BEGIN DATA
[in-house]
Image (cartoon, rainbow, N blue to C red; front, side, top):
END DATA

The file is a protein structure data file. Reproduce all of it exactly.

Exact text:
[in-house]
Image (cartoon, rainbow, N blue to C red; front, side, top):